Pat Penland, vice president for transport programs at L3, said that the cost of the experiment mostly involved responding to the Air Force’s calls for data and preparing the aircraft ahead of the August demonstrations.
“There was more investment to bring what [the companies] could in a short period of time, but ... our investment stream for the Longsword product certainly lined up with that,” he said. “It gave us a very focused event to aim for.”
The light attack experiment is just one example of how the Air Force is working to make its procurement processes faster and more dynamic, Secretary Heather Wilson said at the media day.
“We can’t just stand back, set out requirements, do analyses of alternatives, spend five years figuring out what exactly we want, put out an RFP, throw it over the fence and take 10 years to develop a new technology,” she said.
Since she was sworn in in May, Wilson has frequently called for the service to find ways to innovate faster to keep up with adversaries who are developing their own technologies at a rapid pace.
“We have to think about things in new ways, identify new capabilities faster than we have done in the past,” she said.
Lawmakers and service officials have said the Air Force needs to beef up its light attack aircraft arsenal.
Sen. John McCain, R-Ariz., chairman of the Senate Armed Services Committee, published a white paper in January titled, “Restoring American Power,” which made recommendations for the defense budget for fiscal years 2018 to 2022.
“The Air Force should embrace a ‘high/low mix’ of fighter aircraft,” it said, noting that expensive fifth-generation platforms — such as F-22 or F-35 fighter jets — are not needed in every combat scenario.
McCain also called for the Air Force to procure 300 low-cost, light-attack fighters “that would require minimal work to develop.” The Air Force could procure the first 200 of these aircraft by fiscal year 2022, the report added.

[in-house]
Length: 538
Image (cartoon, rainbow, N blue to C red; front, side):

“These aircraft could conduct counterterrorism operations, perform close-air support and other missions in permissive environments, and help to season pilots to mitigate the Air Force’s fighter pilot shortfall,” the report said.
Air Force officials said the light attack experiment seeks to fulfill all of those mission sets.
Gen. James “Mike” Holmes, Air Combat Command commander, told reporters that the service’s campaigns in countries such as Syria, Iraq and Afghanistan are focused on uprooting insurgents and performing other counterterrorism tasks with local ground forces.
That mission set is currently being conducted with a range of capabilities, from unmanned aerial platforms like the MQ-9 Reaper, up to fourth- and fifth-generation fighters including F-16 and F-15E jets and F-22s, he said.
With a new light attack aircraft, the service could base planes closer to combat, he noted.
“We want to look at how they perform in austere fields, whether they can land in the dirt and do a forward-area refuel and reload,” he said. “Imagine a world where you’re able to base these airplanes closer to the area, they can stay on station in pretty good time with a turboprop engine that gives them a lot of time to stay out there. Ultimately … it comes down to that really good cost-per-flying hour.”